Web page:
Know Your Baby’s Cries

baby cries

In this blog I am talking all about understanding your baby’s cries. I’m going to share with you what the different cries are, what they mean, what they might look like, so that you can feel equipped and understand how you can best respond to those cries. 

Let’s look at the different types of cries that you might hear from your baby or young child. 

Number one, you are going to find there are cries for a need, a cry when a need needs to be met. Now needs are necessities, not wants. Needs are things like genuine hunger, dirty nappy, hot or cold, needing comfort or a cuddle or reassurance. These are all needs. Sometimes, it’s sleep as well, a need for sleep. It’s in fact, the second most common reason babies cry is because they need to sleep and they don’t know how to get there. So they have a need and they cry to tell you because they need help meeting that need. They can’t quite meet that themselves. For instance, hunger, they can’t just go and get themselves something to manage the hunger. They need you. And the second one being sleep, they can’t just go to sleep. They need you.

The second one is wants. Wants are different to needs, but they can sometimes cross over. So sometimes your baby might cry, for instance, because they want milk, but you know they don’t need it because they just had loads. For example. So sometimes little ones cry for something they want, even when it’s not what they need. Children do the same. They’ll cry because they really want those sweets in the shop and you said, no. That doesn’t mean they need them. So not every cry is a need and that can be really hard to determine, especially in the nighttime, when your baby wakes and they cry out and you think, oh well they must need milk. What if they don’t? What if that’s not what it is? Because I can tell you, it’s not always, it’s not always what it is.

In the early weeks, in the first six months, there’s a good chance there could be a need for milk, but as time goes by, you’ll start to see that it’s not that. And sometimes they think they need it because they’re used to it, but actually, that’s not the thing they need. They just need help to get to sleep. The need for sleep is the second most common cry that babies do. So yes, being tired is another reason babies cry. Sometimes they will cry just in that agitated, fractious way because they’re tired. You also get cry for tantrums and anger, dissatisfaction, just sheer annoyance. It could be anger or crossness because something was not pleasing to them like a toddler was playing with a toy and another toddler came and took it away from them and they cry because they’re angry about that.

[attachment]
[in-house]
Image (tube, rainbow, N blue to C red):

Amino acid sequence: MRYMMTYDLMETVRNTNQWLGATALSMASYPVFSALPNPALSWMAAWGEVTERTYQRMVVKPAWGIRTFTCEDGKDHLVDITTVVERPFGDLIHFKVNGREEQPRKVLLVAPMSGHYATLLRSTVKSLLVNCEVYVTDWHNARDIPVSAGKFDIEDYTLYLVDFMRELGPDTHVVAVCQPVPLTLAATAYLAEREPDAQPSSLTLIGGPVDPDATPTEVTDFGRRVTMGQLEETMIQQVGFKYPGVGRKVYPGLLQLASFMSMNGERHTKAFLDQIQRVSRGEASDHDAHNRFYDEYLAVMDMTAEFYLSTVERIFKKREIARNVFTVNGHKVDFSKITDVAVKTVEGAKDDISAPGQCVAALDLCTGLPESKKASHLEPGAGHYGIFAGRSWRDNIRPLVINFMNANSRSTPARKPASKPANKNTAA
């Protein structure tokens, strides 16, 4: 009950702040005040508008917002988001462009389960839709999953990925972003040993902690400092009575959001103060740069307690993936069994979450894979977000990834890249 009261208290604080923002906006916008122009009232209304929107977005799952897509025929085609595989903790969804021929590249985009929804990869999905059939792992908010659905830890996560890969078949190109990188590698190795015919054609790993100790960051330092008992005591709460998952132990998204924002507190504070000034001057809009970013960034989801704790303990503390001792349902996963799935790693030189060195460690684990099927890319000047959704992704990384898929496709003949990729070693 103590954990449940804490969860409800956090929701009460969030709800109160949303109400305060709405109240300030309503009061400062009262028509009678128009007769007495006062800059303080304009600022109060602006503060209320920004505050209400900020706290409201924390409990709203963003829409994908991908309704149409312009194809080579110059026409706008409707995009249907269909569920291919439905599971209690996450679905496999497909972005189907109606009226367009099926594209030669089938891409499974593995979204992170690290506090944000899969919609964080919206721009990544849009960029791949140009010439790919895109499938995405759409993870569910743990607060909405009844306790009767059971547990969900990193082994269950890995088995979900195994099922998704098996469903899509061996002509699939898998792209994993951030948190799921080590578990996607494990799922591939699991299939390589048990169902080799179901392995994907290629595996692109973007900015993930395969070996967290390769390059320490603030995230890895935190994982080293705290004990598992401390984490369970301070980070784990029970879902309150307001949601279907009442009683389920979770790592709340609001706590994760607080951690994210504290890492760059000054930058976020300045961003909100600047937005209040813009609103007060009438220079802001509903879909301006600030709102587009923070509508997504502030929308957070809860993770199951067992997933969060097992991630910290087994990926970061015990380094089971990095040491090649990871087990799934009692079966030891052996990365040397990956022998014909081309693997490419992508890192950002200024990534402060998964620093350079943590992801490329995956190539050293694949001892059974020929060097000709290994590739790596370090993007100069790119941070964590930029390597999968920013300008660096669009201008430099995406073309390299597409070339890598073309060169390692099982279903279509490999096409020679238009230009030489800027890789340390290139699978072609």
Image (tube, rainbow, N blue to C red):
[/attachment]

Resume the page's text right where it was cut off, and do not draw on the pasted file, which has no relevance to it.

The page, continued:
They’re not happy. They’re cross. And that’s a justifiable reason, but it could be less justifiable to the parent where perhaps they’re crying and it’s unreasonable that they should cry for that thing at that time. Again, we can get into meanings and details, but nonetheless, to the little one, the reality is they are dissatisfied. They are crying out of anger or having a tantrum is dissatisfaction cry. So that’s another kind of cry. We also have pain cry, so a type of cry when something genuinely hurts. Very common one in young babies is indigestion, digestive discomfort, reflux, the tummy gut pains and that can make it very uncomfortable when laying down and you can get pain cries for that, but also illnesses, ear infections, colds, congestion, tooth, teething, toothache pain in the mouth or pains from hurting themselves or from their baby vaccinations that they have. That can cause a sudden pain and so you do get pain cries as well.

Another kind of cry you might see could be fear. And in most cases with babies, in safe environments, the fear is only going to be maybe a sudden noise, something that happened or startled them that’s different and that maybe made them jump or that’s scary. That’s when you tend to get that cry of fear. There are probably lots of other categories we can go into, but these are the main ones. What we want to do is recognize the differences between them and how they show up because they’re going to probably need a different response. When you know what the cry is for, then you can better prepare your response to the cry. Identifying these in your own child is going to be key. You can start to look and you can start to observe and you can actually get to know them.

That is the power that you have as a parent. You get to know it. Does your little one scrunch up their eyes for a pain cry? Stare rapidly and wide eyed when it’s a fear cry? Do they get slanty eyes and look away when it’s a anger or a cross cry? These are comment traits and they may be true of your little one as well. So look out for those and also the sound. Pain cry is often high and really piercing and that’s how you know. You’ll start to spot and as a parent, you do get familiar with them and you start to go, oh, I know that cry. And that’s when you know what it’s for. Observe that, learn those as best you can. You won’t get it right all of the time. None of us do. But it can certainly give you a head start in knowing how to best respond to that cry.

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